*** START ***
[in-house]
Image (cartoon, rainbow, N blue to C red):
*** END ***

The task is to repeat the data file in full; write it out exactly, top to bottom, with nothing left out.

[in-house]
Image (cartoon, rainbow, N blue to C red):